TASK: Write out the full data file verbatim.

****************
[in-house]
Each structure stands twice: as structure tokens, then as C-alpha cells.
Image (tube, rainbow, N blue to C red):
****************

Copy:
[in-house]
Each structure stands twice: as structure tokens, then as C-alpha cells.
Image (tube, rainbow, N blue to C red):